Simple Colour Theory

The three primary colours are red, yellow & blue.

Primary colours - colour theory

Mix two of them together and you get orange, purple & green, often called the secondary colours. Try it if you’ve never ventured into the fascinating world of colour – kids love this because it feels like magic!

Here is a very simple colour wheel –

Simple colour wheel - colour theory

Each primary has a complementary colour – the one opposite on the colour wheel.

To remember, think about some of these associations:

  • Blue & Orange: sunsets, fall leaves on a sunny day, goldfish in the water….
  • Red & Green : holly, roses, tulips, poppies, Christmas, apples, peppers ….
  • Yellow & Purple: royalty, pansies, Easter, irises…

If you didn’t now about complementary colours, you will start to see them everywhere in nature, fashion, design and of course art.

“There is no blue without yellow and without orange.”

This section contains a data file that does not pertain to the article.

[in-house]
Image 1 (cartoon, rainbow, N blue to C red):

Vincent Van Gogh


Analogous colours are close together on the wheel like family – think about blue & purples and when you add orange & yellow for example, you create a complementary palette.  Easy.

Tertiary colors are combinations of primary and secondary colours. There are six tertiary colors; red-orange (vermilion), yellow-orange (amber), yellow-green (chartreuse), blue-green (teal), blue-purple (violet), and red-purple (magenta).

To make a shade you add black, to create a tint add white and tones are made by adding grey.

If you are working with colour in the world of light or printing, many of the names of the colour change but the basic principles remain the same.